Washington -- Former White House national security adviser Michael Flynn told the special counsel's office that people connected to the Trump administration and Congress sought to influence his cooperation with the Russia investigation, and he provided a voicemail recording of one such communication, prosecutors said in a court filing made public Thursday.
Meanwhile, the judge in the case ordered that portions of special counsel Robert Mueller's report that relate to Flynn be unredacted and made public by the end of the month. CBS News justice correspondent Paula Reid says it will give the public its first look at some of the redacted portions from Mueller's Russia report.
Thursday's order from U.S. District Judge Emmet Sullivan is the first time a judge is known to have directed the Justice Department to make public any portion of the report that the agency had kept secret. It could set up a conflict with Attorney General William Barr, whose team spent weeks blacking out from the report grand jury information, details of ongoing investigations and other sensitive information.
Prosecutors revealed details about Flynn's communications in a court filing aimed at showing the extent of his cooperation with Mueller's investigation into ties between the Trump campaign and Russia. Flynn, a vital witness in the probe, is awaiting sentencing after pleading guilty to lying to the FBI about his contacts during the presidential transition period in 2016 with the-then Russian ambassador to the United States.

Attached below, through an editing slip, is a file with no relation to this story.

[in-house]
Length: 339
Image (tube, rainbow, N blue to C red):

Prosecutors did not identify the people with whom Flynn was in touch nor did they describe the exact conversations.
But they said Flynn recounted multiple instances in which "he or his attorneys received communications from persons connected to the Administration or Congress that could have affected both his willingness to cooperate and the completeness of that cooperation." Prosecutors say they were unaware of some of those instances, which took place before and after his guilty plea, until Flynn told them about them.
Mueller's report did not reach a conclusion on whether Mr. Trump illegally obstructed justice, but he did examine nearly a dozen episodes for potential obstruction, including efforts by the president to discourage cooperation.
The report reveals that after Flynn began cooperating with the government, an unidentified Trump lawyer left a message with Flynn's attorneys reminding them that the president still had warm feelings for Flynn and asking for a "heads-up" if Flynn knew damaging information about the president.
Sullivan ordered prosecutors Thursday to give him a copy of the audio recording they reference in the court filing, and to make public a transcript of that call. He also directed them to file publicly transcripts of any calls with Russian officials such as the ambassador, Sergey Kislyak.
CBS News' Reid said the transcripts of any calls between Flynn and Russian officials will be made public by May 31.
Flynn was supposed to have been sentenced in December, with prosecutors saying he was so cooperative and helpful in their investigation that he was entitled to avoid prison. But after a judge sharply criticized Flynn during his sentencing hearing, Flynn asked for it to be postponed so that he could continue cooperating with prosecutors and reduce the likelihood of being sent to prison.
The document also details how Flynn assisted investigators as they looked into whether the Trump campaign conspired with the Kremlin to sway the outcome of the 2016 election.
Flynn described to investigators statements from senior campaign officials in 2016 about WikiLeaks - which received and published Democratic emails that were hacked by Russian intelligence officers "to which only a select few people were privy," prosecutors said. That includes conversations with senior campaign officials "during which the prospect of reaching out to WikiLeaks was discussed."
A redacted version of Mueller's report released last month said that the evidence did not establish a criminal conspiracy between Russia and the campaign.